A “once-in-a-lifetime bomb cyclone”

Residents shovel out their vehicle the day after the region was hit with a "bomb cyclone" on January 5, 2018 in the Dorchester neighborhood of Boston, Massachusetts.  Schools and businesses throughout the Boston area get back to work today after the city received over a foot of snow during the fast moving storm yesterday. (Photo by Scott Eisen/Getty Images)
Residents shovel out their vehicle the day after the region was hit with a “bomb cyclone” on January 5, 2018 in the Dorchester neighborhood of Boston, Massachusetts. (Photo by Scott Eisen/Getty Images)

OAN Newsroom
UPDATED 1:35 AM PT – Wednesday, December 21, 2022

The upcoming “bomb cyclone” is supposedly happening “once-in-a-lifetime.”

A developing “bomb cyclone” had alerted more than 90 million people. Wind chill alerts are in effect for more than 87 million. For portions of the plains and Midwest, the cold is likely to prevail through the Christmas weekend.

Meteorologists with the National Weather Service are calling this major winter storm a “once-in-a-generation event.” It is estimated to be the coldest Christmas in roughly 40 years.

According to the American Automobile Association (AAA), during the period from December 23rd to January 2nd, over two million people are likely to travel at least 50 miles from home. Some of the biggest travel days of the year will be severely hampered by the predicted weather.

Forecasters advise that anyone who intends to travel to do so before Friday. Meteorologist Dan Kelly stated that the wind will keep growing stronger throughout the day switching directions.

“It’s going to be treacherous,” Kelly said.

On Wednesday night, the storm will leave the Rockies after intensifying.

Before moving south, the snow will first start to fall throughout the Dakotas, Minnesota, and Nebraska.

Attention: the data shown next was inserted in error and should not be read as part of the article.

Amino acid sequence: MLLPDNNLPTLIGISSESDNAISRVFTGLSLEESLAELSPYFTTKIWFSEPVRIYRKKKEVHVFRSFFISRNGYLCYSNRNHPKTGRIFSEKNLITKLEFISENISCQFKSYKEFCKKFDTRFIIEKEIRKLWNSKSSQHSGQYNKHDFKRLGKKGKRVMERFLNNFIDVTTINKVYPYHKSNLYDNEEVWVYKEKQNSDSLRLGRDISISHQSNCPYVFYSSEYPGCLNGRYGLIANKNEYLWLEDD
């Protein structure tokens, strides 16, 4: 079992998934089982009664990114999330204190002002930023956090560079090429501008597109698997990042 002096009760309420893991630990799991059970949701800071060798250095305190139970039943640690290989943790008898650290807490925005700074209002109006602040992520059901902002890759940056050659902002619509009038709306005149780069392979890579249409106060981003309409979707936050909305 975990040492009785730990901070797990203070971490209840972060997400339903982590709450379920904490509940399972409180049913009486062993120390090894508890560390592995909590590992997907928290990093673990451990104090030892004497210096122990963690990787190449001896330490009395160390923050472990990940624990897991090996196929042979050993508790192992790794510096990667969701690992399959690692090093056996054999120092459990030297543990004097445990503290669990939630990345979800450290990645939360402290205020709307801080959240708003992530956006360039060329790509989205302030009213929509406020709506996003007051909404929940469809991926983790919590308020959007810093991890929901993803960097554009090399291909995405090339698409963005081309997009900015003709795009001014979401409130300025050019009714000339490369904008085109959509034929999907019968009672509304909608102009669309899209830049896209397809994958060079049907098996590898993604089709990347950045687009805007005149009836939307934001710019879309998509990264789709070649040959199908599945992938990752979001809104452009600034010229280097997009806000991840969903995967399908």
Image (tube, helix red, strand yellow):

Before dawn on Thursday, accumulated snow could reach as far south as Colorado and Kansas.

During the weekend and into the following Monday, Jackson and Birmingham will each experience more than 80 hours below zero.

Between Thursday and Saturday, Houston might see 46 hours below zero. The freezing temperature will stay through the Christmas weekend before fading out next week.

On Wednesday, Governor Brian Kemp (R-Ga.) declared that the Peach State is in a state of emergency due to the upcoming “historic low temperatures” across the state. He thinks this advanced declaration will greatly help to people.

“Ensure that essential supplies, especially propane can be delivered for both commercial and residential needs,” Kemp said.

A state of emergency was also declared by Kentucky Governor Andy Beshear (D-Ky.). He urged residents to stay off roads due to predicted wind gusts of 40 to 50 mph on Friday and wind chills of negative 10 to negative 26 degrees on Saturday.

More than 100 meteorologists on AccuWeather’s team will keep provide updates on the storm, the Arctic air outbreak through this week and into the Christmas holiday.